El Niño remains among strongest ever recorded, but California impacts (so far) a bit different than anticipated.

February 2nd, 2016

The following excerpts on the drought situation in California come from a recent article by Daniel Swain from WeatherWest.com posted February 1,2016.

Reminder: when it comes to El Niño, strength matters.

The prospect of an El Niño event in the Pacific Ocean always generates quite a bit of interest in California. This attention largely stems from the fact that two of California’s wettest years on record—1982-1983 and 1997-1998—occurred during the strongest El Niño years in living memory. The popular perception that El Niño always brings a lot of water to the Golden State, though, is not particularly accurate.  The reality is a bit more nuanced: particularly strong El Niño events exert a powerful influence upon the atmosphere over the northeastern Pacific Ocean, and really do have a tendency to enhance the storm track in a way that favors greatly enhanced precipitation across the entire state of California. But more middling weak to moderate events don’t have nearly as pronounced an effect, and in many cases don’t meaningfully affect the odds of seeing wetter or drier than average conditions in California. The key message here: strong El Niño events are the ones to watch out for from a California weather perspective, and it’s reasonable to expect that such events greatly increase the odds of wet conditions throughout the state.

How is the present El Niño different from other big ones in the past 40 years?

Given that climatologists and meteorologists know to look out for strong El Niño events as uniquely strong predictors of California seasonal precipitation, how does the present event compare to other major historical events? Well, depending on the exact metric, the present El Niño is either the strongest or among the strongest events in the observed record going back to at least 1950. Ocean temperatures in the eastern equatorial Pacific Ocean—the most traditional measure of El Niño’s amplitude—have been at or above their record highest values for at least several months now. So despite assertions to the contrary, the 2015-2016 El Niño is not “a bust” by any means.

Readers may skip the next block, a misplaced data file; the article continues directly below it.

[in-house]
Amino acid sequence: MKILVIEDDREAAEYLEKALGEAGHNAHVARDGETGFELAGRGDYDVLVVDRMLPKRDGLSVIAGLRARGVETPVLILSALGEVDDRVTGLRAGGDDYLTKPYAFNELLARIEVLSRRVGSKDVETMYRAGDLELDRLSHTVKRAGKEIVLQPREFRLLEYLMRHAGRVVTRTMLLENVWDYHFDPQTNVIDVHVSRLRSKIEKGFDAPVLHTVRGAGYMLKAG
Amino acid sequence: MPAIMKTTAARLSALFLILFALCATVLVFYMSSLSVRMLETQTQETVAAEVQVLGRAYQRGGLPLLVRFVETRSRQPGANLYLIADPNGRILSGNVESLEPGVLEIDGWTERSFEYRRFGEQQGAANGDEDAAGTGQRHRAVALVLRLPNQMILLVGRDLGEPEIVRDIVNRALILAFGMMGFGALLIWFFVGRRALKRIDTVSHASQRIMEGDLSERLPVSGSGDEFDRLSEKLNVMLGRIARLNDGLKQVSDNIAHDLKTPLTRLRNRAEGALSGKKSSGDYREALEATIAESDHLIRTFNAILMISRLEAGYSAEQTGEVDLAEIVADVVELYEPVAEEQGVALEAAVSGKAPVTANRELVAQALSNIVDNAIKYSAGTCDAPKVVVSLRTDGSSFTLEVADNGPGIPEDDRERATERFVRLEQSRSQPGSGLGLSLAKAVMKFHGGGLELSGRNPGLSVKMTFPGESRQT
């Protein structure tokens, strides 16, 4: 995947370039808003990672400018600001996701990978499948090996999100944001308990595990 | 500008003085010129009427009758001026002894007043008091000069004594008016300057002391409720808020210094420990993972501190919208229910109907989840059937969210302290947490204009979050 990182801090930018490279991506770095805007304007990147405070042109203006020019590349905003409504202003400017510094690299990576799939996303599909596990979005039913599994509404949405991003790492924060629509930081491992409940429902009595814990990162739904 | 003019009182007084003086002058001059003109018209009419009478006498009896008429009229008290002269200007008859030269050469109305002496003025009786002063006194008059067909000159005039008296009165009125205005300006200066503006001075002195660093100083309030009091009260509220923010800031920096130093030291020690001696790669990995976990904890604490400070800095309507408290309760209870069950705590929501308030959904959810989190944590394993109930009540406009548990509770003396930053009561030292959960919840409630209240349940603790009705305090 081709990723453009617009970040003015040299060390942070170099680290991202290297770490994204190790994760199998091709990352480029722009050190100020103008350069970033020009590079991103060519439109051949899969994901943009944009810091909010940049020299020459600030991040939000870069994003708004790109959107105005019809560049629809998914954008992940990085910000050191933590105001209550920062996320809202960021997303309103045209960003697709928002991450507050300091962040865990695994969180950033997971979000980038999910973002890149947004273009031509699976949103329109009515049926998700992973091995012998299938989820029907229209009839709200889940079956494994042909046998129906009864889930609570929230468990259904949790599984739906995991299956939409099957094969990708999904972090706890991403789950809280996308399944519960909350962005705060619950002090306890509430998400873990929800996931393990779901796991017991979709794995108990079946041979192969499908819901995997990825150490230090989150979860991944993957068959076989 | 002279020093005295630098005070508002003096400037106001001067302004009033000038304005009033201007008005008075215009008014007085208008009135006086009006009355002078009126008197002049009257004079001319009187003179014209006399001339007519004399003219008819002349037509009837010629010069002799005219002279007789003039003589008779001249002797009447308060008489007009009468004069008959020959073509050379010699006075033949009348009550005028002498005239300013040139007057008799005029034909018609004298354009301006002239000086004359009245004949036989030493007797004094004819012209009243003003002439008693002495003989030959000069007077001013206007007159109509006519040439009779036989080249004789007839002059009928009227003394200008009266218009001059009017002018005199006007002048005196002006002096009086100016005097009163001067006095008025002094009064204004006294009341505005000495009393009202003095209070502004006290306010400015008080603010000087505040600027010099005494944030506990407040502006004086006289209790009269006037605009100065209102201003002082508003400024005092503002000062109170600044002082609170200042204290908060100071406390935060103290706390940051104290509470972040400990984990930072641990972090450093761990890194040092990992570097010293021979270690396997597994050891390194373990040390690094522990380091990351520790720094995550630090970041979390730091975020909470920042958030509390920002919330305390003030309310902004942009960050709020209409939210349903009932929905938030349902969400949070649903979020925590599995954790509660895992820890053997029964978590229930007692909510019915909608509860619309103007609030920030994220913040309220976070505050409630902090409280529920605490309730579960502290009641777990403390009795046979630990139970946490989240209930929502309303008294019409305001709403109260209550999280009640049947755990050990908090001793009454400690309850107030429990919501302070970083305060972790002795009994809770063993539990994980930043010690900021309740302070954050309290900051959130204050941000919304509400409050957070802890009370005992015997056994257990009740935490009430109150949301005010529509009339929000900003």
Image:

In late 2015 and early 2016, the atmosphere has indeed responded to the ongoing powerful El Niño much in the way that meteorologists have come to expect. The Pacific warmed; tropical thunderstorms increased; the Hadley cell strengthened; the Pacific jet began to roar. But this year, the Hadley cell has actually strengthened a bit more than expected. The descending air on its northern side has occurred closer to California, which means that the enhanced temperature differential is occurring farther to the north than during previous big El Niño events. Subtropical ridging between Hawaii and California has been more pronounced, and the El Niño-strengthened jet stream has set up shop primarily across Northern California and even the Pacific Northwest, rather than Southern California.

The net effect so far in 2015-2016: Northern California and the Pacific Northwest have gotten soaked, while Southern California has been left pretty dry (with a few notable exceptions). While a veritable “parade of storms” has indeed inundated the northern reaches of the state with very heavy precipitation, bringing the best Sierra Nevada snowpack in years, leading to huge inflows to large reservoirs in critical watersheds, and even causing some minor flooding at times, many of California’s most populous cities haven’t witnessed an especially remarkable winter to date. The San Francisco Bay Area and Sacramento region have seen “Water Year” precipitation to date that is pretty close to the long-term average (which, decidedly, seems like a lot relative to the extremely dry years witnessed as of late). The densely populated greater Los Angeles region, on the other hand, is well below average for the season to date (though with significant precipitation this past weekend, its January total may well end up near or above average). From a long-term drought relief perspective, the season to date looks pretty good—precipitation is near or above average in most of California’s largest watersheds, and the water stored in the critical Sierra Nevada snowpack is uniformly above average. So far, though, this isn’t quite the blockbuster year that many had hoped for (especially in the south).

What does the near-term future hold?

So what are our prospects for the rest of the season? Well, El Niño is certainly still with us, and it’s still a top-tier event. For that reason, the good money’s still on a wetter than average season for California (yes, even now). This is especially true since the precipitation during strong El Niño years is often heavily “back weighted,” with an unusually large fraction of seasonal totals occurring during the second half of the rainy season from February-April. What is less clear, at this point, is whether the northerly-shifted atmospheric response to this El Niño will persist—and whether Southern California will start to make up for lost time. From a statewide perspective, some substantial drought relief has already occurred this year, but there remain large regions in the southern part of the state that are still extremely dry. While El Niño is likely to bring some degree of drought relief, California will likely still be facing long-term drought conditions by the coming summer.

California’s drought condition and its impact on the California Almond crop is an important topic for our readers. Blue Diamond would like to thank Mr. Swain for allowing us to post excerpts of his articles on our website. To view the article in its entirety click here.